DETERMINATION OF SOIL ABSORPTION CAPACITY
Percolation test is done to determine the absorption capacity of soil. This test is important for the design of septic system. This test is also carried out while purchasing land, to understand the behavior of soil under moisture conditions. This test is also called as perc test. Every country may have different regulation for the exact calculation of length of line, depth of pit, etc, but the procedure for the percolation test is same. In India, this test is carried out as per IS2470- Part-II.
As per IS2470- Part-II, the percolation rate is time required in minutes for water to fall 25 mm in the test-hole. A test in trial pits at more than one place in the area should be undertaken to permit deriving an average figure for percolation rate.
PROCEDURE FOR PERCOLATION TEST:
Percolation test is done to determine the permeability of soil at the depth at which the effluent needs to be disposed.
A 100 to 300mm diameter or side of a circular or a square hole is bored to the required depth of proposed absorption test. The bottom of the hole is carefully scratched to remove any smeared soil surface and to provide a natural soil interface into which water may percolated.
All the lose material is removed from the hole and coarse sand or fine sand of 50mm thickness is added to protect the bottom of the bore from scouring.
Water is then poured upto a minimum depth of 300mm over the gravel.This test shall be carried out during the wettest season of the year to make sure that the soil has ample opportunity to swell. The percolation of the soil is determined after 24 hours of the adding water in the bore. If the water remains in the test hole after the overnight swelling period, the depth is adjusted to 150 mm over the gravel. Then from fixed reference point the drop in water level is noted over a 30 minute period. This drop shall be used to calculate the percolation rate.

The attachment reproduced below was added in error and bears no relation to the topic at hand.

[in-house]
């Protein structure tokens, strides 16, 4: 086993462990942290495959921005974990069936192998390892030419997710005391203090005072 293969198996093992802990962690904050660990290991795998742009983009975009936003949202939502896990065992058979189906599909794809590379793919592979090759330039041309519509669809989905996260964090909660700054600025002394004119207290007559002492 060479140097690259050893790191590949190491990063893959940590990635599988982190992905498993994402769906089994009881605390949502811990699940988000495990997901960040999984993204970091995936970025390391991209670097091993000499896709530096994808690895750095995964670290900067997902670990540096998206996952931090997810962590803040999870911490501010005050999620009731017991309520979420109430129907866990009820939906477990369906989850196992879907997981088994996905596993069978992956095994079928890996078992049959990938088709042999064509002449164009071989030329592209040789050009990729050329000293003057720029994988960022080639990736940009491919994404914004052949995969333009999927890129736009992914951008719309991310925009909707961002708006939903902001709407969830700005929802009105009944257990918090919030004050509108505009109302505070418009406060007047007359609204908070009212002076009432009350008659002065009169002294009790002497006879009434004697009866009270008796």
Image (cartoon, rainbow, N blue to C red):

If no water remains in the hole, water is added to bring the depth of the water in the hole till it is 150 mm over the gravel. From a tied reference point, the drop in water level is measured at 30 minutes intervals for 4 hours, refilling 150 mm over the gravel as necessary. The drop that occurs during ' the final 30 minutes period is used to calculate the percolation rate. The drops during prior periods provide information for possible modification of the procedure to suit local circumstances.
In sandy soils or other porous soils in which the first 150 mm of water seeps away in less than 30 minutes after the overnight swelling period, the time interval between measurement is taken as 10 minutes and the test run for one hour. The drop that occurs during the final 10 minutes is used to calculate the percolation rate.
Percolation Rate -Based on the final drop, the percolation rate, that is, the time in minutes required for water to fall 25 mm, is calculated.